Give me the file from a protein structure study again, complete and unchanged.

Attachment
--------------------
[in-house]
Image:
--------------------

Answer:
[in-house]
Image: